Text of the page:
By this time a literal sand storm was in progress with wind and sand so furious at times the upper turn was invisible from the lower. Water roughened, but not badly enough to cancel the Final Heat. 

Into it went the two top competitors and the remaining survivors of the racing - Budweiser with 800 points, Chrysler Crew with 700. Smirnoff, fastest boat on the course, was in with 525. Also sporting 525 points were Wayfarer and Savair's Probe. Tahoe Miss entered with her lone head finish of 400 points.

Both Budweiser and Chrysler had to finish first to win the overall title. Knowing this the sand-peppered crowd estimated at 55,000 retained their spaces on the shore. Nobody left. 

Strangely enough, just before each heat the merciless wind seemed to relent slightly. The Final was no exception. With lowered wind and clear air the boats entered the course. 

Budweiser gained lane one. Savair's Probe was in lane two, Smirnoff in land three, Chrysler Crew in lane four and Wayfarer and Tahoe Miss behind in what amounts to lanes two and a half and three and a half. 

Across the start they roared, Budweiser, Chrysler Crew and Smirnoff moving ahead of the others and finally only Budweiser and Chrysler Crew in contention for first dive into the first turn. Budweiser set up for the turn, but Chrysler Crew drove much deeper into it and by the first pin was a minimum two boat lengths ahead and increasing this distance steadily.

Round they went with Chrysler Crew holding tight in lane two Budweiser cranked tightly in land one but not tightly enough and in sliding got some water from the tail of Chrysler Crew. Then Brow cinched in on the turn again and charged after the Chrysler Crew.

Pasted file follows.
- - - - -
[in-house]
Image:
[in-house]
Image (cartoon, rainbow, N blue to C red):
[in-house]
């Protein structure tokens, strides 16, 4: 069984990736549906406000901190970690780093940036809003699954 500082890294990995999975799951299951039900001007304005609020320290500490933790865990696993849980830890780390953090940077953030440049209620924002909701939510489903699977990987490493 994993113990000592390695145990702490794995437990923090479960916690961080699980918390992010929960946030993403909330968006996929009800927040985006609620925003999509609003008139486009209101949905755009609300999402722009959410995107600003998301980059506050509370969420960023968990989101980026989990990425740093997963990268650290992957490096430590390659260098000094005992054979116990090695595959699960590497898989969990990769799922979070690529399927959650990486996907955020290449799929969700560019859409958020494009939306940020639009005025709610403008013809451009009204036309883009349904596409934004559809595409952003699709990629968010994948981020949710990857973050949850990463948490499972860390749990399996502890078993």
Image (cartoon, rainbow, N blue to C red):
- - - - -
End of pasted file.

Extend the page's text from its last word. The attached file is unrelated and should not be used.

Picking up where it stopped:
Up the back chute the two ran, into the upper turn. Down the front chute they came pounding again toward the first turn. Suddenly, Chrysler Crew leaped, slowed and lost way. Driver Sterett threw both hands high in the air to indicate loss of power to following drivers; then he raised himself in the seat to further warn others as Budweiser roared by in first place.

Sterett was out and Budweiser appeared to have the race sacked. But just behind, Smirnoff fought to retain second place as Tahoe Miss pressured Cantrell without let up. In the turn and out of it Tahoe Miss steadily overtook Smirnoff then, having passed, poured on the power to overtake Budweiser.

Running hard, Tahoe Miss passed Budweiser. To get an idea of how hard Tahoe Miss was running, at the lap one finish she was in fourth; across lap two she was in second and by the finish of lap three Tahoe Miss was first.

Behind these battling leaders Savair's Probe and Wayfarer were having their own busy skirmish. Clearly, this heat was any man's boat race.

With boats dueling everywhere and Sterett helplessly drifting down the front chute just ahead of the first turn the chance for accident or collision was high. Once as the field roared toward him, Sterett raised the engine cowling as he stood on his boat's deck, trying to provide a larger profile for oncoming drivers to see.

Triumphantly, Tahoe Miss charged into lap four a leader, then went dead on the exit pin of the first turn. Again Budweiser was first. She held the lead until the finish. Smirnoff was second followed by Savair's Probe and Wayfarer.

The official placed Budweiser a winner with 1200 points; Smirnoff second with 825; Savair's Probe, 750; Chrysler Crew, 700; Wayfarer, 694 and Tahoe Miss 400. Race over, the wind again kicked up a storm.

In the pits the excited talk was about the tremendous racing job of Chrysler Crew. On return to mundane, nonracing lives conversation centered upon what this hard-working camp might do in the Seafair Unlimited Regatta Aug. 7.

Although that event was only two weeks away, it seemed a long time to wait.

(Reprinted from the Boating News, 1966)